WWU student sets standard for unicycling
By FIONA COHEN
11 January 2003
Associated Press Newswires
Copyright 2003. The Associated Press. All Rights Reserved.
BELLINGHAM, Wash. (AP) - Dan Heaton takes his unicycle to the edge of a loading dock at Western Washington University, then backs up. He pedals forward, gaining speed until he bounces up, over the edge of a chain. He lands on the ground, turns around, hops up a set of stairs and onto a low cement wall, throwing his body into a spin before rolling back to the loading dock.
This is street unicycling, a sport that takes the technical challenges of a one-wheeled vehicle to curbs, rails, stairs and any obstacles handy.
It’s a sport the 20-year-old Huxley College junior helped invent, and he does it better than anybody in the world.
With Adam Ryzaar, a high school buddy from Bellevue, he started trying moves similar to skateboarding, jumping onto obstacles, grinding on rails, and polishing new tricks including a jump done while riding forward.
He popularized this style with a video, “Universe,” which included himself, Ryzaar and Vancouver, British Columbia mountain rider Kris Holm. The video, completed in 2000, adopted a format used in skateboarding, skiing and mountain biking, complete with punk tunes, locations ranging from Vancouver, British Columbia’s North Shore to the beach at Santa Cruz, Calif., crash footage and a run-in with police. He’s planning to shoot a second video in 2003.
Heaton’s innovations and the video pushed a shift in the sport of unicycling away from the domain of parades and jugglers, and toward something similar to skateboarding.
“People buy that video, see that stuff there, and they’re learning how to do it,” says John Foss, 40, a Sacramento Web designer and long-time practitioner of the related but distinct field of mountain unicycling.
FRONT OF THE PACK
Heaton got his first unicycle six years ago as a Christmas present. It took him three months to learn to ride it, but something kept his interest.
The middle of five boys, Heaton is athletic and enjoys baseball and the family sport, swimming. But growing up he was too small to excel, says his father, Bill Heaton, who lives in Bellevue and works for the Seattle-King County public health department. Even now Dan Heaton is slight, weighing 120 pounds on a 5-foot, 7-inch frame.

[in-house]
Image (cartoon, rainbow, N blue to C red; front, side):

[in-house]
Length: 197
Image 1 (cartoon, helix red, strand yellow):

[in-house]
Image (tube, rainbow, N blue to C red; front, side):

In unicycling, his stature didn’t matter, and his quickness and agility helped him master the skills.
While he loved testing the unicycle against street obstacles, he was interested in trying other aspects of the sport, such as mountain unicycling, and distance unicycling. In 1999 he was the first unicyclist to finish the 200-mile Seattle to Portland Classic, coming in at the back of the pack.
“I was still ahead of a couple of bikes, so it was kind of funny,” he says.
He followed that up by joining 34 other unicyclists for a 477-mile ride across Minnesota for Multiple Sclerosis.
But although he plays hard, his body has come out relatively unscathed, with little more than bruises and road rash. He hasn’t missed riding time because of injuries.
School pressures are another matter. Heaton says it’s hard to take time out from his environmental studies to practice, particularly when he doesn’t have anyone to practice with.
“It’s hard doing it without a partner,” says Heaton, who earns royalties from his video in the form of bikes and gear.
If he had someone to work with, he says, they could push each other, and challenge each other, and somehow the ideas would flow faster and the stamina would go more.
But it’s hard to know how seriously to take Heaton’s modesty. His father says he continually downplays or fails to mention his achievements, and his friends all describe him as “low-key.”
“He’s very quiet, and soft spoken when he does talk, he’s intelligent and articulate, and he’s just a wild rider,” says John Drummond, co-owner of Heaton’s sponsor, Unicycle.com.
FLOW ON ONE WHEEL
Although it involves wheels, unicycling is quite different from the more common skills of bicycling and skateboarding.
While bicyclists can coast and gain speed on a free wheel, a unicycle’s wheel only goes as fast as the pedals. Even when going downhill fast, every turn of the wheel must be pedaled. It’s a workout, and it makes it impossible to use gravity to help fly off a ramp. On a unicycle, every jump and every move come from muscle power.